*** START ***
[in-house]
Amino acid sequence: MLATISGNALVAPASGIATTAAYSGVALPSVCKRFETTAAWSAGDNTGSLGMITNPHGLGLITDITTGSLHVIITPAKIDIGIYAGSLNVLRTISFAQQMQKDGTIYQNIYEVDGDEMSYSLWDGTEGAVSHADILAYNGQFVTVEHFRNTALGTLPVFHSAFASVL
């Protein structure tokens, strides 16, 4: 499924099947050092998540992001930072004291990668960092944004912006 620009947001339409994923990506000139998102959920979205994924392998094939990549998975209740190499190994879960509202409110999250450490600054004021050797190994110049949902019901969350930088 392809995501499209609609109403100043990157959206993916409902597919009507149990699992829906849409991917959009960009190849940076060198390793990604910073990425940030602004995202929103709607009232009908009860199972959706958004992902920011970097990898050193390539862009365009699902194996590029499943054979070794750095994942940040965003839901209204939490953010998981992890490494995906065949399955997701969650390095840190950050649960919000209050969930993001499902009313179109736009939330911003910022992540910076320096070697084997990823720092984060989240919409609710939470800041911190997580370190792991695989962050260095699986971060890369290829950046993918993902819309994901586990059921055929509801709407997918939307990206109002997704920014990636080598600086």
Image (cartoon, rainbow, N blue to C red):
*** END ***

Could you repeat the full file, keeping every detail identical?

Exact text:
[in-house]
Amino acid sequence: MLATISGNALVAPASGIATTAAYSGVALPSVCKRFETTAAWSAGDNTGSLGMITNPHGLGLITDITTGSLHVIITPAKIDIGIYAGSLNVLRTISFAQQMQKDGTIYQNIYEVDGDEMSYSLWDGTEGAVSHADILAYNGQFVTVEHFRNTALGTLPVFHSAFASVL
């Protein structure tokens, strides 16, 4: 499924099947050092998540992001930072004291990668960092944004912006 620009947001339409994923990506000139998102959920979205994924392998094939990549998975209740190499190994879960509202409110999250450490600054004021050797190994110049949902019901969350930088 392809995501499209609609109403100043990157959206993916409902597919009507149990699992829906849409991917959009960009190849940076060198390793990604910073990425940030602004995202929103709607009232009908009860199972959706958004992902920011970097990898050193390539862009365009699902194996590029499943054979070794750095994942940040965003839901209204939490953010998981992890490494995906065949399955997701969650390095840190950050649960919000209050969930993001499902009313179109736009939330911003910022992540910076320096070697084997990823720092984060989240919409609710939470800041911190997580370190792991695989962050260095699986971060890369290829950046993918993902819309994901586990059921055929509801709407997918939307990206109002997704920014990636080598600086």
Image (cartoon, rainbow, N blue to C red):